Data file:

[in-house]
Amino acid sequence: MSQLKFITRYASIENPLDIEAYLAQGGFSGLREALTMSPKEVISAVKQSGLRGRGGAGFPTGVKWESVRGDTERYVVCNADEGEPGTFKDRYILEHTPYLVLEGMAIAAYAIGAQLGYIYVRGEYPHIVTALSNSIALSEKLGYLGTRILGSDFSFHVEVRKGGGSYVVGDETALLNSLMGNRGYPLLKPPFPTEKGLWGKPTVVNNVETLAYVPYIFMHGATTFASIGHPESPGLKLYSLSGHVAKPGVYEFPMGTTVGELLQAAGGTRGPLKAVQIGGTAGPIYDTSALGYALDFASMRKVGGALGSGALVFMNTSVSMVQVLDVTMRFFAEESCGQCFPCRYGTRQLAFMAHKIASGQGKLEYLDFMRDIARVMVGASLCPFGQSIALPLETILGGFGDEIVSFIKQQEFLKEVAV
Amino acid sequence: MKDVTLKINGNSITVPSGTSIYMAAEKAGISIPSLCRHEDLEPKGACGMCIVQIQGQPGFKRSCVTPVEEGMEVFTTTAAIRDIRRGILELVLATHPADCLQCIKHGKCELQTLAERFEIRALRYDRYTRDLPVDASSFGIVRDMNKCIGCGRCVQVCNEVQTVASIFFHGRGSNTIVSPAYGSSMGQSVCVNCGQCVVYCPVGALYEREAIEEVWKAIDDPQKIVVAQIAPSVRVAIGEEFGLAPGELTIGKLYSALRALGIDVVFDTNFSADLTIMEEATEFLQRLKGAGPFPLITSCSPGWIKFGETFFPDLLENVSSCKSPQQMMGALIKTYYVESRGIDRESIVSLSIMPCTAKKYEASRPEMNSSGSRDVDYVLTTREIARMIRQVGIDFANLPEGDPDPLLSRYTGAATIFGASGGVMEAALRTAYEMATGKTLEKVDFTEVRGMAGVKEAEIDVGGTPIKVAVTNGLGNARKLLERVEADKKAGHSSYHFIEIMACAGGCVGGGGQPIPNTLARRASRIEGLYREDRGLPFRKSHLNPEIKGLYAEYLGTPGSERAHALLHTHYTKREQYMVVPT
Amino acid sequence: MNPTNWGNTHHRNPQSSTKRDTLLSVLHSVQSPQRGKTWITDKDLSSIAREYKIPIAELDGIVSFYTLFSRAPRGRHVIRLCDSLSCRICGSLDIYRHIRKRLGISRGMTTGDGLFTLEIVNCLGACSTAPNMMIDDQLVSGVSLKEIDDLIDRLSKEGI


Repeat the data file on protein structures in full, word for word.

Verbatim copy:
[in-house]
Amino acid sequence: MSQLKFITRYASIENPLDIEAYLAQGGFSGLREALTMSPKEVISAVKQSGLRGRGGAGFPTGVKWESVRGDTERYVVCNADEGEPGTFKDRYILEHTPYLVLEGMAIAAYAIGAQLGYIYVRGEYPHIVTALSNSIALSEKLGYLGTRILGSDFSFHVEVRKGGGSYVVGDETALLNSLMGNRGYPLLKPPFPTEKGLWGKPTVVNNVETLAYVPYIFMHGATTFASIGHPESPGLKLYSLSGHVAKPGVYEFPMGTTVGELLQAAGGTRGPLKAVQIGGTAGPIYDTSALGYALDFASMRKVGGALGSGALVFMNTSVSMVQVLDVTMRFFAEESCGQCFPCRYGTRQLAFMAHKIASGQGKLEYLDFMRDIARVMVGASLCPFGQSIALPLETILGGFGDEIVSFIKQQEFLKEVAV
Amino acid sequence: MKDVTLKINGNSITVPSGTSIYMAAEKAGISIPSLCRHEDLEPKGACGMCIVQIQGQPGFKRSCVTPVEEGMEVFTTTAAIRDIRRGILELVLATHPADCLQCIKHGKCELQTLAERFEIRALRYDRYTRDLPVDASSFGIVRDMNKCIGCGRCVQVCNEVQTVASIFFHGRGSNTIVSPAYGSSMGQSVCVNCGQCVVYCPVGALYEREAIEEVWKAIDDPQKIVVAQIAPSVRVAIGEEFGLAPGELTIGKLYSALRALGIDVVFDTNFSADLTIMEEATEFLQRLKGAGPFPLITSCSPGWIKFGETFFPDLLENVSSCKSPQQMMGALIKTYYVESRGIDRESIVSLSIMPCTAKKYEASRPEMNSSGSRDVDYVLTTREIARMIRQVGIDFANLPEGDPDPLLSRYTGAATIFGASGGVMEAALRTAYEMATGKTLEKVDFTEVRGMAGVKEAEIDVGGTPIKVAVTNGLGNARKLLERVEADKKAGHSSYHFIEIMACAGGCVGGGGQPIPNTLARRASRIEGLYREDRGLPFRKSHLNPEIKGLYAEYLGTPGSERAHALLHTHYTKREQYMVVPT
Amino acid sequence: MNPTNWGNTHHRNPQSSTKRDTLLSVLHSVQSPQRGKTWITDKDLSSIAREYKIPIAELDGIVSFYTLFSRAPRGRHVIRLCDSLSCRICGSLDIYRHIRKRLGISRGMTTGDGLFTLEIVNCLGACSTAPNMMIDDQLVSGVSLKEIDDLIDRLSKEGI